Past The Wire, Weekly Column by Jonathan Stettin — July 21, 2014

Past The Wire

By Jonathan Stettin

Who Makes These Rules Anyway?

Opening week at both Saratoga and Del Mar were as electric as ever. Other than a few “rule” hiccups we’ll discuss later, both venues started with previews of the great racing that will now continue through the end of these prestigious meets. We saw nice handles, good crowds and, most importantly, fast and competitive racing with future stars on both coasts.

At Saratoga, we saw Royal Delta’s half-sister Crown Queen smoke an allowance field from the 11 hole on the grass. Past the Wire pegged this special filly as one to watch back in our June 8th column. After watching her 3-year-old debut, we had little doubt this was a stakes filly, which in all likelihood is where she’ll wind up next. She made a bold move into a fast pace on Sunday from a wide slot and just drew off, with authority. It’s nice to recognize such talent early and get paid for it.

On opening day, we saw Tourist live up to our expectations, as well. He dominated the Sir Cat Stakes in his first foray into that type of company. He’s another you’ll continue to hear from. He’s fast, he’s not speed crazy, he can rate, and has plenty of class.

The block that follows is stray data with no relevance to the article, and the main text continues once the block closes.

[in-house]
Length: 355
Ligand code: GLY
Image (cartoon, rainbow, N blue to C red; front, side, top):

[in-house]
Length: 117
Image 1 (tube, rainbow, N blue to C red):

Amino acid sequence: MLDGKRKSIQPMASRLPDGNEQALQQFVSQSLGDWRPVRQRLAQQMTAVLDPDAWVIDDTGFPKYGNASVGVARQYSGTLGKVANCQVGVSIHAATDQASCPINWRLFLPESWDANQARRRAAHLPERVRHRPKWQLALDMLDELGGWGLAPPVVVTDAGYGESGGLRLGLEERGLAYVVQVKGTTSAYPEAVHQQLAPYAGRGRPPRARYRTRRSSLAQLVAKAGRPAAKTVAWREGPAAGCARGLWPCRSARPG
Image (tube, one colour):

The Sanford gave us our first troubled trip that, in all likelihood, cost Zayat Stables’ Mr. Z, the stakes win. He was sitting in a good spot on the far turn and looked loaded, when he checked hard and lost all momentum. He recovered very quickly and professionally for a 2-year-old but found himself bottled up on the rail in the stretch. He bulled his way through, forced out eventual winner Big Trouble and briefly made the lead. But he paid the price late for the trip and wound up second. He has the look of a tough and talented colt.

On the West Coast, at old Del Mar, the action was also hot. Bob Baffert unveiled another one we’d been waiting for that did not disappoint. Luminance lived up to the billing, winning first time out.

We also saw Mike Smith put on a turf riding clinic, guiding Enterprising to a last to first Patek Philippe timed victory in the opening day Oceanside Stakes. The colt showed a really nice late burst to get up in the final jumps over the new and widened Del Mar turf course. Mike came back Sunday with another turf clinic with Tom’s Tribute in the Grade 1 Eddie Read Stakes. He got the horse to relax and positioned him perfectly, keeping favored East Coast invader Summer Fun bottled on the inside, assuring he would get the jump on him. Tom’s Tribute thrust himself into the Breeders’ Cup Mile list of contenders.